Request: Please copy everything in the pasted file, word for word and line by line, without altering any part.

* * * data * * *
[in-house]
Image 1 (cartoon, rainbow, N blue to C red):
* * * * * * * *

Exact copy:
[in-house]
Image 1 (cartoon, rainbow, N blue to C red):